"But Shelagh," I hear you wonder, "Tina said she'd never had a kid before!" Obviously it's a sore subject. Tina tells us that her parents made her give up her first child, who then went to live with his rich dad in America. Shelagh tells Tina that sounds nice, but her eyes agree with me: that sounds unlikely, and we’re definitely going to have some upsetting revelations from this one. Because Shelagh is the best, she sympathizes with Tina about how hard that must have been, and tells her she’s sending a sample for testing, because Tina almost definitely has some kind of sexually transmitted infection.

Back at Laverne’s house, she’s freaking out: she can read between the lines of what Dr. Turner said earlier, and is trying to process the fact that her mum might die. Her husband tries to sooth her, to little effect. Even worse, Florrie overhears this super bummer of a conversation, including the next part which goes a little something like this:

Laverne: Well, at least we know the liver problems aren’t coming from booze.
Husband Ken: She’s confused, she’s tired, and she could easily be hiding drink from us.

Laverne, not messing around, puts him in his place HARD: her gran was an alcoholic, but Florrie certainly isn’t, and if he ever even suggests it again she’s throwing him out. Damn girl! I want to believe her, but also:

Dr. House says "It's a basic truth of the human condition that everybody lies."

At Nonnatus, Sister Julienne has asked Sister Hilda to look for the list of employers who will hire young unwed moms, because obviously that music producer thing is not going to lead to a paying gig for Tina. While Trixie and Val clear the dinner dishes, Trixie asks how Laverne and Florrie are doing. Val sums up: Florrie’s definitely got cirrhosis symptoms, but everyone’s convinced she’s not a drinker. Trixie, unfortunately well equated with the finer points of alcoholism, points out that many addicts are very good at hiding their vices. And speaking of addiction, she’s going to have a cigarette after dinner. Can we get Tim Turner to come over here and emotionally blackmail the nurses into quitting like he did with his parents please?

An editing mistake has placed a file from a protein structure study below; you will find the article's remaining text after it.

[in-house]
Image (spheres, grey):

Meanwhile, at the Buckle residence, the inevitable has happened. Vi, hearing rustling from the shop in the middle of the night, ferociously busts in with a rolling pin only to find Fred with his hand in the proverbial honeypot, modeling a look that’s all too familiar for many of us right now during social isolation: pajamas and guilty junk food. He apologizes, and Vi lightly tells him off before grabbing a tiny chunk of cake herself.

At the turner house, Dr. T is working away at researching what’s up with Florrie. Shelagh admonishes him for working during family dinner but I get it; nothing more annoying than an unsolved mystery!

At the hospital, Phyllis drops by to visit Sergeant Woolf. She’s brought apples to break up the monotony of hospital food, though she also says she’s sure Miss Higgins has already brought over better options. Sergeant Woolf makes a weird face at that, and Phyllis apologizes for bringing up their relationship. The social mores of the 60s are bonkers. She practically set them up, why would it be weird for her to mention that she knows they’re dating? But it’s not that: he talked to the doctor today and the prognosis was... not good. Given that, he’s “reconsidering his situation with Miss Higgins,” which I assume means he's planning on dumping Miss Higgins to spare her, like a noble idiot.